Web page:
One of the most unsettling and mysterious child crime cases of the late 20th Century?is only now playing out in a New York City court. The sad story revolves around schoolboy Etan Patz, who disappeared one day in 1979 while traveling to school, and whose body has never been found. Now considered a murder case, legal proceedings have commenced in downtown Manhattan.
A high-profile case that has haunted New Yorkers and others for decades, it is one of the best-known American childhood disappearance cases. It motivated Congress to pass the Missing Children’s Assistance Act in 1984, which in turn spurred the creation of the National Center for Missing and Exploited Children (NCMEC).
Occasionally over the years, people phoned the Patz family, claiming to be the grown-up Etan. Some even showed up at their home. They were hounded by the media and self-described psychics, claiming to have information on the missing boy.
And now in 2015,??Pedro Hernandez, 53, is on trial for this murder that occurred 36 years ago. At the time Etan vanished, Hernandez was a teenager working at a food shop near Etan’s home. Prosecutors say he lured Etan to the basement of the store, strangled him and disposed of the body. Hernandez confessed to the murder on tape in 2012. Previously a neighborhood handyman named Othniel Miller had been questioned about the crime. And a man named Jose Antonio Ramos, who had dated one of Etan’s babysitters, was also a suspect but never admitted to the crime. He served more than 20 years in a Pennsylvania prison on an unrelated child molestation case.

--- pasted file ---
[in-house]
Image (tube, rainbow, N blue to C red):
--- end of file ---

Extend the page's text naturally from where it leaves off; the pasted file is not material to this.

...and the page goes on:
In 2001 Etan’s parents took the anguished step of declaring their son legally dead, and Ramos was brought up on charges in the Patz case. However, in 2012 Hernandez apparently confessed to the killing, and was arrested.
After three and a half decades, this case is now before a jury. Among the first to testify were Etan’s mother Julie, as well as his childhood friend Chelsea Altman, who spoke wistfully of the little boy they once knew.
As a lifelong resident of New York City, and only a few years older than Etan, I have long been touched by this mournful story. Everyone talked about it back in 1979, and it has become a touchstone and a warning that New York parents share with their own children. I have spoken about it with my daughters, and discussed its impact on parenting. It stands in stark contrast to recent stories about parents who have encountered trouble for letting their children walk unsupervised at length.
There are so many missing and unexplained factors in this case. Even with confessions, no body has ever been found, and that may be the toughest part not only in the conviction but in allowing for the family and friends of Etan Patz to have any true sense of closure. To have one’s child vanish seemingly into thin air with no real paper trail must be heartbreaking.